Your Saint Bernard comes in a few different shades. The main colors are white with red, or red with white — the red can range from a deep mahogany to a lighter red. You might also see brindle patches with some white. Markings usually include a white chest, feet, tip of the tail, noseband, and a blaze on the face.

  • Colors: White with red, Red with white, Brindle, Brindle with white
  • Typical Markings: White chest, feet, tail tip, noseband, facial blaze

Remember that the Saint Bernard is not just a pretty face; their physical characteristics come from a history of hard work and adaptability. Whether long or short-coated, red or brindle, each one has a look that’s been tailored by and for the snowy Alps.

Are Saint Bernards Expensive?

Saint Bernard puppy with tilted head for sale how much does it cost

Owning a Saint Bernard can be quite costly, from the initial purchase to ongoing care and potential medical expenses. Their size and specific breed needs contribute to the higher cost of ownership.

Initial Cost of Getting or Buying a St. Bernard Puppy

The price for a Saint Bernard puppy from reputable breeders can vary significantly, typically between $800 and $5000. 

Here’s a table that outlines the different costs of purchasing a Saint Bernard puppy from various reputable breeders, including links for potential buyers to explore further:

Breeder NamePrice Per PuppyLink
Johnson Farms$4,500Johnson Farms
Sierra Nevada Saints$3,500Sierra Nevada Saints
Heather Carlisle$800Heather Carlisle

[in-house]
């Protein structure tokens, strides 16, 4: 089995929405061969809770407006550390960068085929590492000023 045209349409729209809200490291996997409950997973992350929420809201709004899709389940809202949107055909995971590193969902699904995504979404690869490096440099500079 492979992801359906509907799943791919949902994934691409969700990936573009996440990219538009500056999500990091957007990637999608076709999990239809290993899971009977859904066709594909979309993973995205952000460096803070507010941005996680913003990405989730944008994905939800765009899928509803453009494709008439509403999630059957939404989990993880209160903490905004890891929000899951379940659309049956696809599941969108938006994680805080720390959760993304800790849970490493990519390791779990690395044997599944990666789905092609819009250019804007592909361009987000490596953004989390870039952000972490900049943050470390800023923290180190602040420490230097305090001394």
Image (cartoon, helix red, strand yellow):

Harbor Saints$1,300Harbor Saints
Saint Bernard Club of AmericaVariableSaint Bernard Club of America

This table provides a snapshot of the range of prices for Saint Bernard puppies from reputable sources, helping potential owners make an informed decision while ensuring they support ethical breeding practices. Remember, the initial cost of the puppy is just one part of the total cost of ownership, as ongoing care and potential health issues should also be considered.

Alternatively, rescuing a Saint Bernard from organizations like Saint Rescue can be a more affordable option, typically around $300, depending on the rescue.

Ongoing Costs

Saint Bernards consume a lot of food due to their size, which can be a significant ongoing cost. Their grooming needs are also considerable, especially for those with longer coats who require regular brushing to avoid matting and to maintain skin health. Regular professional grooming sessions may also be necessary.

Potential Medical Expenses